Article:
Date of Award


Degree Type


Degree Name

Doctor of Philosophy (PhD)


Medical Sciences


Dr. Mary H. Perdue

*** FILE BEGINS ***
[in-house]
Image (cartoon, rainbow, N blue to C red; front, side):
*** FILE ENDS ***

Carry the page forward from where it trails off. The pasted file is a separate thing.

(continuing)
Food allergies are a significant clinical problem, with symptoms including diarrhea, vomiting, or systemic anaphylaxis. To elicit allergic reactions, antigens must first cross the intestinal epithelium. The purpose of my studies was to examine macromolecular transport across intestinal epithelium, and the effect of sensitization and immune activation on transepithelial antigen transport. Rats were sensitized to a model protein antigen, horseradish peroxidase (HRP) by injection with adjuvants. Intestinal segments were removed and mounted in Ussing chambers for the study for transepithelial movement of HRP. Electon microscopy analysis of HRP transport showed that specifically sensitized rats transported HRP across the epithelium in greater amounts, and more rapidly, than naive controls or rats sensitized to an irrelevant antigen. After the hypersensitivity response, there was a significant increase in HR flux across the intestinal epithelium in HRP sensitized, but not control rats. This was accompanied by an opening of the epithelial tight junctions to allow paracellular flow of antigen. Sensitized mast cell deficient rats also had an enhanced initial uptake of antigen, but did not develop a non-specific decrease in epithelial barrier function. The role of interleukin-4 (IL-4) in the regulation of transepithelial antigen transport was examined. Treatment of human epithelial monolayers with IL-4, or with serum from atopic patients, caused a significant increase in transepithelial transport of HRP. Antibodies against IL-4 abolished the effect of atopic serum on transepithelial HRP transport. Electron microscopy analysis showed an increase in both transcellular and paracellular HRP transport. These studies show that transepithelial transport of antigen is profoundly altered by sensitization, and that mast cells and interleukin-4 enhance the delivery of antigen across the intestinal epithelium.

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